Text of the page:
This might come as a bit of a surprise for most of you, considering my football background where Olympic lifting remains a staple for most strength and conditioning programs at all levels, but I believe athletes should not perform Olympic lifts.
Throughout my entire playing career I performed these Olympic lifts in every strength program I participated in without question. Thinking this was the best and maybe only way to become more explosive. It wasn’t until my playing career came to an end and I started to piece together my own training philosophy that I formulated my own opinion on Olympic lifts, their effectiveness, and where they belong in a training program or if they even belong at all.
Now before I go on and explain my top 3 reasons why I don’t use Olympic lifts, let me first make it clear that I do believe Olympic lifts can produce some positive training adaptations IF AND ONLY they are performed with proper technique and they are used in the correct format. However, these 3 problems listed below make the “if and only” extremely rare.
#1. Poor Technique
I would venture to say that nearly 90% of all athletes that are attempting to perform these Olympic lifts are performing them incorrectly in some fashion. Using poor technique when attempting to execute these lifts will not only result in injury but also take away from what you are trying to accomplish in the first place by performing these lifts. I have walked into weight rooms at all levels where the technique, or lack there of, has literally made me cringe and made my own back hurt just from watching. One of the most common mistakes people make when performing these lifts is trying to use too much weight. These lifts are meant to be performed at a high rate of speed where the objective is to try to move the bar as fast as you can. When you put too much weight on, your technique suffers, your back suffers, and so do your results. Another popular mistake is performing sets of Olympic lifts until failure. This again not only sets you up for injury but it also makes it impossible to execute these lifts with any sort of speed.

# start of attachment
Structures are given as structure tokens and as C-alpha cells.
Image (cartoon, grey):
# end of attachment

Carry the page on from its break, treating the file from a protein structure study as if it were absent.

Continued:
#2. Not Time Efficient
With High School kids having such busy schedules these days with extra curricular activities and multiple sports being played year round, it is nearly impossible to find the proper time needed to teach these complex lifts correctly and safely. With the limited amount of time that you get to spend with young athletes it becomes a very poor use of time to spend it trying to coach the proper mechanics of such a complex lift. Olympic lifters literally spend hundreds of hours working to master the intricate technique needed to perform these lifts properly. To reap the full benefits of performing these lifts you must complete them with nearly flawless execution. Because that kind of time is obviously not available, the attempt to implement these lifts in your program becomes a complete waste of time.
#3. Olympic Weight Lifting is a SPORT
Much like basketball, football, baseball, and golf are their own respective sports so is Olympic weight lifting. You would never ask an Olympic power lifter who is training for the next Olympics to go spend hours upon hours at the driving range asking him/her to master something as technical and difficult as a golf swing would you? So why do we ask our athletes of more conventional sports such as football, basketball, and baseball to try to learn and master such a difficult sport or lift?? Bottom line is the risks heavily outweigh the rewards. Safer, more effective, and efficient exercises such as a variety of sprints, jumps, and med ball throws should be used in a program to replace Olympic lifts. We have been sprinting, jumping, and throwing since we were 2 so teaching athletes these movements versus Olympic movements is much easier and thus much safer.